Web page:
Monkey is assigned to be Tripitaka's bodyguard at the beginning of his adventure; when they first meet he has just been freed after five hundred years of imprisonment underneath a mountain as punishment for causing havoc in Heaven, having gone on the rampage when he found that he wasn't invited to the royal peach banquet. Monkey is a powerful immortal who rides about on a cloud and fights using the giant metal staff that was once used to pound the milky way into shape, which changes size at his command. He is ever-restless, always-playful, ingenious and dangerously quixotic; he is instructed to see that Tripitaka reaches the scrolls safely, a mission which will prove to be a deep spiritual journey for all involved as well as an excuse for a lot of really good fights and encounters with interesting dragons and spirits. When Monkey gets out of control, Tripitaka can stop him in his tracks by chanting the headache mantra at him to activate the magic band of pain around his head.

On the way they are joined by Pigsy - a pig-demon, who had been living on passing travellers ever since being expelled from Heaven for lechery; and Sandy, a water-monster who had likewise been living on a diet of unwary humans since being expelled from Heaven, in his case for breaking precious heavenly crockery whilst drunk. Pigsy is coarse and selfish, but a valuable warrior with his fighting rake. Sandy is rather thinly drawn, acting as a foil to Pigsy more than anything else. He is both smarter and more loyal than his fat friend, but even so it is hard not to feel a little sorry for the refined and avowedly pacifistic Tripitaka, accompanied by such uncouth bodyguards. While they generally do a good job of keeping the monk safe from harm, they also lead him into no end of trouble.

At the end of the book, as is to be expected, our heroes finally reach the scrolls and make it home safely. Hsuan Tsang in fact spent many years studying Buddhism in India and Sri Lanka, before returning to China and writing his own account of his journeys, the Ta-t'ang hsi-yu chi - a valuable historical resource on seventh-century India, decidedly more sober than Wu Ch'eng-En's mythical saga. He translated the scriptures he had brought back into Chinese, and went on to write the Ch'eng wei-shih lun, in which he synthesised ten major Yogachara texts together with his own commentary. He became renowned as a Buddhist scholar, with his wisdom much in demand by the rulers of his day. By the time he died, Tripitaka had made around seventy-five significant and well-regarded translations, including one of the Lao Tzu, and played a major part in establishing a Chinese vocabulary for talking about Buddhist concepts. He remains one of the most important and celebrated figures in the history of Chinese Buddhism.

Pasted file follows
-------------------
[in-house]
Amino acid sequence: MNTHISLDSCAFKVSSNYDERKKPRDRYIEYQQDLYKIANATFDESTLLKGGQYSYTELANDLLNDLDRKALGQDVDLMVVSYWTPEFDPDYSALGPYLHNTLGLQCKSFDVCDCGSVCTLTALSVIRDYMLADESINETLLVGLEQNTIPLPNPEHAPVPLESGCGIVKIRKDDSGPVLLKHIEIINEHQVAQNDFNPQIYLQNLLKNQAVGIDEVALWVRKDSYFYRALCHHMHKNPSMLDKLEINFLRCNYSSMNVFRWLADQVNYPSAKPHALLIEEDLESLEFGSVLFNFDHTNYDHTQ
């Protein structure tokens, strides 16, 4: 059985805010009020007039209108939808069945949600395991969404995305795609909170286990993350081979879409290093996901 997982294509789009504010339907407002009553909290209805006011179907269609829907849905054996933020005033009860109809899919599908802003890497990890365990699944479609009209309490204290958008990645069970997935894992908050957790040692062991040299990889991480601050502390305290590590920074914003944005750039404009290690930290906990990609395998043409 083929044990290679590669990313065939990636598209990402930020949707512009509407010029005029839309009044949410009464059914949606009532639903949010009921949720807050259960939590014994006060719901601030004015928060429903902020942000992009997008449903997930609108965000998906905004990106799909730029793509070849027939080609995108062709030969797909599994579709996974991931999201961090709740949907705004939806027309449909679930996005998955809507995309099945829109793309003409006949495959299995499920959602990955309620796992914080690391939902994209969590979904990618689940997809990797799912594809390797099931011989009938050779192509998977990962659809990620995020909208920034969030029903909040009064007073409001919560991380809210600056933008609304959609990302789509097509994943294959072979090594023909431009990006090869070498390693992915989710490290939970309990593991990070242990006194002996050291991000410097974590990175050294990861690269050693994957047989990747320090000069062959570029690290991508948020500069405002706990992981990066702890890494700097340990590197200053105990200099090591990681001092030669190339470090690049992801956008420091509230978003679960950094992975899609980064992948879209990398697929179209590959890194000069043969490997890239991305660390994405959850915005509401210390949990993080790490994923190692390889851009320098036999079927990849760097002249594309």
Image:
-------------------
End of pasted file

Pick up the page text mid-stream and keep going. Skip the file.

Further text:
Sources: Arthur Waley's classic (if heavily abridged) translation of Journey to the West, published as Monkey
Monkey Magic videos

Tri*pit"a*ka (?), n. [Skr. tripi&tsdot;aka.]

The three divisions, or "baskets" (pitakas), of buddhist scriptures, -- the Vinayapitaka [Skr. Vinayapi&tsdot;aka] , or Basket of Discipline; Suttapitaka [Pali] , or Basket of Discourses; and Abhidhammapitaka [Pali] , or Basket of Metaphysics.


© Webster 1913